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I was three weeks into quarantine and out of my job as a restaurant manager when two mushroom blocks arrived at my doorstep. They had come via Smallhold, organic mushroom growers whose“minifarms” can usually be found fruiting fresh fungi in restaurants around NYC. When the coronavirus outbreak shut these restaurants down, Smallhold kept farming, and began sending spores to apartments all over the city.
I thanked the gloved, masked delivery person for what looked like big plastic bags of dirt inoculated with mycelium, the living organism from which mushrooms grow. So were born Sturgeon and Roe, my blue oyster and lion’s mane fraternal mushroom twins.
I spritzed the blocks through holes cut in the bag and over the next week, my mushrooms seemed to unfurl and develop by the hour, growing taller, wider, and shifting colors from the deep blue of a shark’s skin to pearlescent grays and browns. Textures changed. The lion’s mane grew from knobby to puffy, and the oyster mushrooms’ stalks shone like baleen teeth.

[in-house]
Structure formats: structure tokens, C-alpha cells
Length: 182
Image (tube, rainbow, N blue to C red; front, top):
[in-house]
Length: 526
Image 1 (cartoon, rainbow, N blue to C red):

Their development was obviously remarkable, but another remarkable thing happened: I was going to sleep excited, and waking up excited too. With Sturgeon and Roe blossoming, I felt connected again. I found myself monitoring not only the growth of my fungi, but checking in on the progress of others on Smallhold’s Instagram. I salivated over images of gourmet mushrooms growing in the hands of people who know what to do with them—chefs, servers, food nerds.
Mushrooms are the fruit of an underground internet. Their mycelium threads create vast subterranean networks by which the mushrooms find nutrients and communicate with each other (and other plants too). Bringing a mushroom block into your home feels like plugging into that internet, connecting to other growers while keeping a safe distance, and, of course, enjoying the delicious results.
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